Written by: Samantha DeCaro, PsyD (she/her)
Director of Clinical Outreach and Education, The Renfrew Center
Those with eating disorders frequently experience both medical and psychological symptoms severe enough to impair functioning across various domains. For those who undereat, whether due to a clinical eating disorder or adherence to a prolonged restrictive diet, malnutrition and semi-starvation can be a harmful and usually unintended consequence of insufficient intake.
Some people are surprised to learn that bodies of all weights, shapes and sizes can experience the detrimental and dangerous effects of prolonged restriction1, as our fat stores cannot provide the essential amino acids, nutrients, vitamins, and minerals necessary for a variety of critical bodily functions2. Our brains alone require 20% of our resting metabolic rate3.
Many eating disorder providers and treatment centers use psychoeducation as part of their treatment approach, and the results of the Minnesota Semi-Starvation Experiment, including the follow-up study 57 years later, have helped many individuals recognize the psychological, cognitive, and behavioral symptoms of a food-deprived brain and body.
Details of the Minnesota Semi-Starvation Experiment
In 1944, a group of 36 healthy, male, conscientious objectors to World War II volunteered to be in this experiment conducted by physiologist Ancel Keys and his colleagues at the University of Minnesota. The study aimed to examine both the physical and psychological effects of semi-starvation, as well as inform and hopefully improve the process of refeeding and rehabilitating emaciated civilians. The study lasted a year. There was also a 12-week control period, a 24-week semi-starvation period, and finally a 12-week rehabilitation period.
When people hear the word “starvation” or the term “semi-starvation”, many people assume the subjects consumed close to nothing and exercised excessively. Conversely, the calories consumed during this phase were generally more than what many modern-day weight loss diets recommend, reminding us that starvation and malnutrition are not always caused by a complete and total absence of food.
Many folks with eating disorders do indeed eat, sometimes even multiple times a day, which can result in the minimization or complete denial that the person is in any danger. The meal plans in the experiment simulated the type of diet typically consumed during a famine, mainly starches like dark breads, potatoes, macaroni, and root vegetables.
Contrary to popular belief, the men were not required to exercise excessively. In fact, most of the men avoided unnecessary movement whenever possible. The men in the experiment were required to walk, on average, a few miles a day, as well as work in a lab for 15 hours per week (i.e., doing mainly laundry and clerical type work). There was also a treadmill test for 30 minutes per week. The men were permitted to participate in academic and social activities for 25 hours per week. The protocol required the subjects to hit a weekly weight loss goal, and the meal plans were adjusted if any subjects did not lose enough weight or lost weight too rapidly.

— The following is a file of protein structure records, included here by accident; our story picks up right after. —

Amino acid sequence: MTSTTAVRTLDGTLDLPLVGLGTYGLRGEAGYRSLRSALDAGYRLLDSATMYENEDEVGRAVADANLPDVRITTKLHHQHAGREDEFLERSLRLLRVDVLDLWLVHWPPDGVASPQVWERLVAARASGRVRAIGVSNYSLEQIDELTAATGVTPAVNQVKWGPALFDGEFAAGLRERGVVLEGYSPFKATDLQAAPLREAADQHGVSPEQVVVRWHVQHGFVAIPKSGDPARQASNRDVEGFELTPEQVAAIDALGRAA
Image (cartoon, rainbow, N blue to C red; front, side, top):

The Physical & Psychological Impacts of Semi-Starvation
All men were deemed mentally and physically healthy prior to the start of the experiment. The men kept detailed journals of their experiences and were tested extensively, both physically and psychologically, in repeated intervals throughout the year. The researchers monitored and tested their blood, lung capacity, bone density, heart, eyesight, strength, coordination, skin, stomach function, movement during sleep, metabolic rates, and much more. They had meetings with a psychologist on a weekly basis and underwent various psychological tests.
The cognitive effects surfaced early in the study and were nearly identical to the experiences commonly reported by those with restrictive eating disorders. For example, the subjects had difficulty thinking clearly and concentrating. They became hyper-focused on and preoccupied with food, recipes, and cooking. They talked excessively about food in conversation and experienced intrusive thoughts about it. The men even reported dreaming about food. Many noticed a decrease in their motivation, discipline, and effort around any tasks that involved problem solving.